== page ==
The second edition of the manual has been updated and enlarged with new tools and experiences arising from CCFU’s past five years of field practice, working with communities, cultural institutions, and local governments in the region, sometimes in new areas of engagement – such as on culture and governance systems, heritage education and curricula in secondary schools, as well as the often controversial issue of cultural rights.

The manual has also been enriched with examples from CCFU’s work in Uganda, Kenya and Zimbabwe.

For example, the Uganda Wildlife Authority (UWA) Strategic Plan (2015-2020) provides for integration of culture and indigenous knowledge in conservation. Therefore, UWA has developed guidelines on integration of cultural values into protected area management.

In this regard UWA has adopted the Cultural Values Conservation Project (CVCP) with the goal to demonstrate how building local interest in and support for protected areas can be achieved by managing parks to reflect the cultural values of communities living around protected areas.

UWA has accordingly identified sacred sites as key cultural values in the Rwenzori Mountain National Park (RMNP) in western Uganda. The Rwenzori Mountains are referred to as a “sacred place” by the mountain people.

“Sacred sites achieve conservation goals through a stricter controlled access to natural resources through ridge leaders, as well as strong beliefs attached to them,” the UWA community conservation warden, Olivia Biira, observes.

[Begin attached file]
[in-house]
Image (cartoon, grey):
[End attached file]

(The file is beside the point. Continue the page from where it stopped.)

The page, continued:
Among the CVCP achievements are, increased cultural tourism through visiting cultural sites; and UWA has with the help of the local communities managed to control illegal activities in the park through patrols, collecting snares and providing reports on illegal activities, among others.

CCFU observes that the more positive understanding of culture in development that is emerging has been accompanied by a recognition that culture is a vital ingredient of effective and equitable change.

‘Development’ is then understood, not only in terms of material well-being, but also in terms of human capacity and potential. Culture becomes an end in itself – offering something to express, inspire and symbolise collective memory identity and aspiration.

CCFU says it has been driven by the belief that development outcomes will only be truly sustainable on the African continent if they are in tune with the cultural identity and ambitions of its peoples.

CCFU views development both in terms of material well-being, and also in terms of human capacity and potential, such a cultural approach places culture in a constructive light, as essential for genuine social and economic transformation, without disregarding, of course, any of its negative, retrogressive aspects.

“These, we believe, need to be understood and adapted to achieve positive change. This guide is the product of such a perspective,” the CCFU director Emily Drani says.